Cantor Fitzgerald (the bond traders) instituted proceedings against four of its former senior employees (three brokers and one Chief Economist and Strategist) who left the Hong Kong office to join a competitor.

The Court of First Instance (Reyes J) held:

  1. the duty to inform an employer of an intention to resign or having been approached by a competitor can only arise from the express terms in an employment contract;
  2. the right to terminate employment with notice or by agreeing to make payment in lieu of notice (section 6 and 7 of Employment Ordinance (“EO”)) form part of the mandatory employment laws of Hong Kong, irrespective of the relevant governing law of the employment contract, hence either party may give notice to terminate a contract at any time, irrespective of any provision in the employment contract which stated otherwise;
  3. restrictive covenants are unenforceable if there is no evidence to justify the length or scope of the restraint.

Some important implications from the judgment:

Governing law and payment in lieu of notice

Cantor Fitzgerald alleged that, in breach of the agreed governing English law, one of the former employees wrongfully terminated his English law contract by way of payment in lieu of notice. The question before the Court was whether sections 6 and 7 of the EO were applicable to an employee who is employed but subject to an employment contract governed by the laws of another jurisdiction.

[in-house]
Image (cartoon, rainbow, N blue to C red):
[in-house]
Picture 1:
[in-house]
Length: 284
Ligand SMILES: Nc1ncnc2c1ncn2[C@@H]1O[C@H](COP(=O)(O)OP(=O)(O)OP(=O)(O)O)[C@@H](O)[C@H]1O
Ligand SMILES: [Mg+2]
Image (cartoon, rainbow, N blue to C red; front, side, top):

The Court found that section 70 of EO nullifies any contractual term which purports to extinguish or reduce any right or protection conferred on an employee by the Ordinance. Sections 6, 7 and 70 must be treated as over-riding provisions (provisions paramount) which overrode the relevant provisions under English law.

The case illustrates that parties cannot attempt to avoid the protection afforded by the EO to an employee through the expedient of choosing a foreign law.

Employers should thus ensure that the terms of their employment contracts are in accordance with the EO, and note that if an employee is employed in Hong Kong under a foreign law governing contract, the employee is nevertheless entitled to the same benefits and protections that other employees are entitled to under the Ordinance.

Enforceability of Restrictive Covenants

The restrictive covenants in the employees’ contracts, including a 12-month non-poaching clause, a 6-month and a 3-month non-dealing clauses, were all considered by the Court to be unenforceable, on the basis that these covenants were too wide and the employer failed to justify on what basis the length of the restraint was reasonably necessary for the protection of the employer’s interests.

Of note is that cases in the past few years have suggested that one year of restraint is reasonable. The present case thus suggests that the Court has become more restrictive in construction and reasonableness of restrictive covenants.

These clauses must be drafted narrowly and be sufficiently clear as to the duration and subject of the restraint. It should be noted that the Court must be “satisfied on the totality of evidence that the covenants are no more than what is reasonably required to protect the legitimate interests of any employer”. This can be readily achieved if the covenants are tailored to a particular employee in terms of the relevant role and responsibilities held within the company.